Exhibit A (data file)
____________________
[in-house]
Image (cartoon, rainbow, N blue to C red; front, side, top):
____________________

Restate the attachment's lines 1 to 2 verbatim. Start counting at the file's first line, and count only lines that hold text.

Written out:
[in-house]
Image (cartoon, rainbow, N blue to C red; front, side, top):